"Like KJ, I met him a couple of years ago. A very good student of the game. He likes to talk about the game, and he asks me a lot of questions about what I've done. We talked for about 45 minutes the other day, abut how to do things, how to pitch to certain hitters. It impresses me when these kids want to learn. You don't see that all the time, and it's not just one or two. It seems like it's almost all of them here in the organization want to learn."
Junichi Tazawa- The high-profile Japanese right-hander, who turns 22 in June, posted a record of 13-1 with a 0.80 ERA for Nippon Oil in an Industrial League last season. He pitched a scoreless, hitless inning of Wednesday's game against Boston College, picking up the win.
"This kid has very good stuff, very good. He's got a very live arm, and a breaking pitch that is very sharp. He's impressive. I want to see some more of him. I really want to see some more, but the little I've seen so far is very good. And he's a very nice kid, too. He likes to work hard. When we do our PFP [pitchers' fielding practice] work, he works very hard at everything. And if I need to correct him on some things, he's willing to do that."
Billy Traber- The left-hander split 2008 between Triple-A Scranton, where he appeared in 40 games (two starts), posting a record of 2-1 with a 3.40 ERA, and the Yankees, appearing in 19 games. He made his first spring appearance Wednesday, working an inning against the Twins.
"I saw Billy last year in Scranton. He struggled a little bit [Wednesday], but it's one of those things, it's his first outing of the spring. He pitched well against us last year, especially in key situations, and that's probably what stuck in my head that there were a couple of situations that we needed some base hits and we didn't get them off him. He can get lefties out. He's got some good stuff. And he can get righties out, too. He's got a good changeup, and as long as he stays down in the zone and he's throwing strikes, he'll do well."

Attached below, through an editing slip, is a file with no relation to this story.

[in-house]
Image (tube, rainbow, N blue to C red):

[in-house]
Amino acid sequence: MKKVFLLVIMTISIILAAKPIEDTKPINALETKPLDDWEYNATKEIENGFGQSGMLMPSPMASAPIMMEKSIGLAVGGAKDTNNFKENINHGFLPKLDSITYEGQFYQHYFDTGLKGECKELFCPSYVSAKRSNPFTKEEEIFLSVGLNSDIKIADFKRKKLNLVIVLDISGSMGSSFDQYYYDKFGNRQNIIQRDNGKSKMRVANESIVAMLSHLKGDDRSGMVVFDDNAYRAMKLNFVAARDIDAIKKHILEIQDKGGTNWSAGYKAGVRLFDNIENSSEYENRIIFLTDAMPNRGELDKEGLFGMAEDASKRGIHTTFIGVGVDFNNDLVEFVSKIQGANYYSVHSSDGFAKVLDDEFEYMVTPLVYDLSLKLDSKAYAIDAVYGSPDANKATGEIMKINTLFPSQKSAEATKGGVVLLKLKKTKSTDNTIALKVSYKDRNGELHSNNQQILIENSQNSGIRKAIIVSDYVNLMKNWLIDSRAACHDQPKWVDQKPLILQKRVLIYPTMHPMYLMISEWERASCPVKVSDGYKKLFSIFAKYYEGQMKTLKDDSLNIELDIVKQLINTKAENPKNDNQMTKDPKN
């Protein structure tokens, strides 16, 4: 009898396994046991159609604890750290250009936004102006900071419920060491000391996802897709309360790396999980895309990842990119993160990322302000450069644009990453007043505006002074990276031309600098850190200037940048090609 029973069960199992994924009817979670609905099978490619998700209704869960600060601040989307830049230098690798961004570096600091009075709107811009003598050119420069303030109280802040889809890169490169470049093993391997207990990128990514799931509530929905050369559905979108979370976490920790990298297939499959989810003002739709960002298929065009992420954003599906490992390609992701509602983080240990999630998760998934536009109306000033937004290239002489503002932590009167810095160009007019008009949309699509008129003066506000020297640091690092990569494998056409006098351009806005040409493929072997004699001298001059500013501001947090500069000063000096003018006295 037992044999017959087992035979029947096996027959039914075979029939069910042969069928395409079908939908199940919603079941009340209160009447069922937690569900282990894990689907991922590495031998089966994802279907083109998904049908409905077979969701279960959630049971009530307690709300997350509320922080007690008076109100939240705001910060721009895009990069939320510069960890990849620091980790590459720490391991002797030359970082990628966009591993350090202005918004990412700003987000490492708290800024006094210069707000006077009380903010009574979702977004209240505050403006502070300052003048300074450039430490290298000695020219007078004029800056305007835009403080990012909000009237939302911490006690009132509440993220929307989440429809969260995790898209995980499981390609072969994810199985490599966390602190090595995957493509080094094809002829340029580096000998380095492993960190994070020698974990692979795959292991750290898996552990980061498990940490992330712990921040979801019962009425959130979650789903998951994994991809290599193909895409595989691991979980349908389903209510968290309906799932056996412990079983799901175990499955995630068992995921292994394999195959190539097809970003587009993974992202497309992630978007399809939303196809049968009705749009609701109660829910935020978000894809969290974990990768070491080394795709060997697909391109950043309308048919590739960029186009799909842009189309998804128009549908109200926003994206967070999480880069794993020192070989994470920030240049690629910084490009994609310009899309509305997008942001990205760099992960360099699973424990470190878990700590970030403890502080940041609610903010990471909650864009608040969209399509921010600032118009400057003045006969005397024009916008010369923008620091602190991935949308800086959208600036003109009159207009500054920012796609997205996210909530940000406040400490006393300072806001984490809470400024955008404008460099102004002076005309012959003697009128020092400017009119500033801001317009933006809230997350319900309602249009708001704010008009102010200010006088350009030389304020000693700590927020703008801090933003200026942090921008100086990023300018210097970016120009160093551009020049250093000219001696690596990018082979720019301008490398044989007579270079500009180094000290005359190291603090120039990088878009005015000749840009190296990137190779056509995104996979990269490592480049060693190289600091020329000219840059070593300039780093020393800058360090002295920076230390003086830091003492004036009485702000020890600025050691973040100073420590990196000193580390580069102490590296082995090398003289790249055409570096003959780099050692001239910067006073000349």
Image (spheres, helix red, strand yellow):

Charlie Zink- The IL pitcher of the year was 14-6 with a 2.84 ERA in 28 starts, with two complete games, for the PawSox. He made his big league debut with the Sox Aug. 12.
"I think he can improve on last season and be consistent all the way throughout now. He was consistent most of the time, but down the stretch I want to say there were probably two or three outings where it probably wasn't what he wanted. And I would say if he could be consistent all the way thru, I think he could help Boston if they need a starter just like Bowden did last year. Zink went up and didn't have his best stuff, but that happens. You cannot take anything away from him because of that one game in Boston because the kid pitched well for the PawSox and I'm very happy for that. I want to see him do well. I'm pulling for him, just like I am everybody, but he worked very hard. He had a very good routine, and he stuck to it. Every game, every side work was the same. He wants to pitch in the big leagues. He wants to get back there. I know that. He's another guy that knows he has to prove something."
Sauveur, like Zink and Wakefield, was a knuckleballer in his pitching days. Asked to compare his knuckleball to Zink's, Sauveur let out a quick laugh.
"His is better, I would say. Wakefield's is the best, and he's been willing to help out anytime I ask him questions about it. Zink's got a different grip on the knuckleball, and it seems that his break is not as much as Wake's. But the thing is he's got a change of speeds, which is good. He can throw it for a strike, which is really good, too. So, I will say that his knuckleball is better than mine was."
Manager Ron Johnson was more than happy to report on his son Chris' first Grapefruit League outing with the Astros. Entering Wednesday's game as a replacement for Geoff Blum at third base, Chris went 1-for-2 with a home run. RJ neglected to offer a report of Chris' gameThursday, but we looked it up. Starting at third against the Braves, Chris went 2-for-2 with 2 RBI.
This story was not subject to the approval of the National Association of Professional Baseball Leagues or its clubs.